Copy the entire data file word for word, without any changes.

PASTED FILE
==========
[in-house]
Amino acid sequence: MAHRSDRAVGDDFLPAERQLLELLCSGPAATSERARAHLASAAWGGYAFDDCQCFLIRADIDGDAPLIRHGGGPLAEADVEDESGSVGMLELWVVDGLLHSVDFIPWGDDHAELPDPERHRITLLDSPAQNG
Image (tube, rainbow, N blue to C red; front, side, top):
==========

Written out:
[in-house]
Amino acid sequence: MAHRSDRAVGDDFLPAERQLLELLCSGPAATSERARAHLASAAWGGYAFDDCQCFLIRADIDGDAPLIRHGGGPLAEADVEDESGSVGMLELWVVDGLLHSVDFIPWGDDHAELPDPERHRITLLDSPAQNG
Image (tube, rainbow, N blue to C red; front, side, top):